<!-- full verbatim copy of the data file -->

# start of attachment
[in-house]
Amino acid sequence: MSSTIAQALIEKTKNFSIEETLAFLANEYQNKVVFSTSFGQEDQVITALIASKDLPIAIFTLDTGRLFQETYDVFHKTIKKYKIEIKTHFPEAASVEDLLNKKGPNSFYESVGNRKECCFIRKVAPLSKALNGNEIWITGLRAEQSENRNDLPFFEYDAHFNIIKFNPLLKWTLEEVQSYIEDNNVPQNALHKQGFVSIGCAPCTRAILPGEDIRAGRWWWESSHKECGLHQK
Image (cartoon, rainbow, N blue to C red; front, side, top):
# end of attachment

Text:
[in-house]
Amino acid sequence: MSSTIAQALIEKTKNFSIEETLAFLANEYQNKVVFSTSFGQEDQVITALIASKDLPIAIFTLDTGRLFQETYDVFHKTIKKYKIEIKTHFPEAASVEDLLNKKGPNSFYESVGNRKECCFIRKVAPLSKALNGNEIWITGLRAEQSENRNDLPFFEYDAHFNIIKFNPLLKWTLEEVQSYIEDNNVPQNALHKQGFVSIGCAPCTRAILPGEDIRAGRWWWESSHKECGLHQK
Image (cartoon, rainbow, N blue to C red; front, side, top):